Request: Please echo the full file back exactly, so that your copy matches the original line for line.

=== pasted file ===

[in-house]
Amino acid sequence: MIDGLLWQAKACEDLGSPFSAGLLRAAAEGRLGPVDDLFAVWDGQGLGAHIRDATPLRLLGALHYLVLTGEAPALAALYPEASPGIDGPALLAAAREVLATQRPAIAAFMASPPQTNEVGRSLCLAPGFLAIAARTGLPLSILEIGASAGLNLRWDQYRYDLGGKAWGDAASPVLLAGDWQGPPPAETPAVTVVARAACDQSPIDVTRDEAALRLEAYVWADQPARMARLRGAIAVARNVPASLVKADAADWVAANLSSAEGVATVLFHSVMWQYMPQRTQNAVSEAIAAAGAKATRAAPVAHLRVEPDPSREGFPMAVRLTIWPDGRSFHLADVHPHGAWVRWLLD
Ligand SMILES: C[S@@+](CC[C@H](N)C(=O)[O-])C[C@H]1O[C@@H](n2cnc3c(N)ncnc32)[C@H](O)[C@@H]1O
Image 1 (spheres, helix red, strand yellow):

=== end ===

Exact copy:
[in-house]
Amino acid sequence: MIDGLLWQAKACEDLGSPFSAGLLRAAAEGRLGPVDDLFAVWDGQGLGAHIRDATPLRLLGALHYLVLTGEAPALAALYPEASPGIDGPALLAAAREVLATQRPAIAAFMASPPQTNEVGRSLCLAPGFLAIAARTGLPLSILEIGASAGLNLRWDQYRYDLGGKAWGDAASPVLLAGDWQGPPPAETPAVTVVARAACDQSPIDVTRDEAALRLEAYVWADQPARMARLRGAIAVARNVPASLVKADAADWVAANLSSAEGVATVLFHSVMWQYMPQRTQNAVSEAIAAAGAKATRAAPVAHLRVEPDPSREGFPMAVRLTIWPDGRSFHLADVHPHGAWVRWLLD
Ligand SMILES: C[S@@+](CC[C@H](N)C(=O)[O-])C[C@H]1O[C@@H](n2cnc3c(N)ncnc32)[C@H](O)[C@@H]1O
Image 1 (spheres, helix red, strand yellow):